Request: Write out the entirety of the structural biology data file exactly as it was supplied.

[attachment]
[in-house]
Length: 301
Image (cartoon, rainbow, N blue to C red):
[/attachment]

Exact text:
[in-house]
Length: 301
Image (cartoon, rainbow, N blue to C red):